'Yaguará' is the native word for jaguar. We chose this name for our organization as a symbol of how important we consider it is to link scientific work with involving local people in order to effectively protect the jaguar and many other species. By using the jaguar's original name, we show that we respect its origin.
Thanks to a vision based on respect, we are a model organization in the conservation of wild cats and other wildlife. The work with local people, the collaboration with the National Park System and the valuable data generated through our scientific research have all contributed to increasing chances of survival for jaguar populations, and their prey, throughout their range of distribution in two key countries (Panamá and Costa Rica).
Aida is Costa Rican with a dual citizenship (her mom is Panamanian). She is a forestry engineer and has an M.S. in Wildlife Conservation and Management. Her passion for wild cats is thanks to a number of different influences in her life but mainly a fascination for cheetahs.
Her work with wild cats in the Osa Peninsula started in 2003 and she has lived here since 2006, when she founded the Wildcat Conservation Program. Despite initial skepticism (a lot of key people didn't believe there were any jaguars left in the area, so raising funds to begin the project was difficult), she was able to start a pilot study, supported by Idea Wild and Saint Louis Rainforest Advocates, that proved there were jaguars on the Peninsula. As a direct result of these findings the program received support from the Wildlife Conservation Society and Osa Conservation and was finally able to implement the most intensive camera-trap project in the world!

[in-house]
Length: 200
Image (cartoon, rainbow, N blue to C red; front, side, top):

She founded Yaguará in 2009 with the mission to broaden her work in the Osa Peninsula, other parts of Costa Rica and Panamá. Thanks to her research and vision, the program now runs several projects including ongoing research using camera traps and work with local people (poachers, cattle ranchers, communities, children, lodges and other institutions). All this gives Yaguará hope to be able to save the jaguars of the Osa Peninsula which are in critical danger of extinction.
Ricardo is Panamanian. He graduated as a biologist from Panama University with an M.S. in Wildlife Conservation and Management. Since he was 14 he has been particularly interested in domestic cats which makes his choice of profession easy to understand!
Ricardo has over 15 years experience working with wildcats and was the first Panamanian to work with wildcats in his country –something considered impossible at the time. He worked with the Smithsonian’s ocelot project in Barro Colorado Island for a number of years and then did his thesis at the Cana station of Darien National Park (thanks to financial support from the Wildlife Conservation Society and logistical support from Ancon Expeditions).
Ricardo met Aida in 2005 and she passed on her love for the Osa!
Adolfo is an agronomist and graduated from the EARTH University with a focus on sustainability and working with people. He has an enormous ability to win the appreciation of everyone who surrounds him thanks to his modesty and willingness to help in everything possible. Since July of 2010 he works fulltime on Yaguara's projects.
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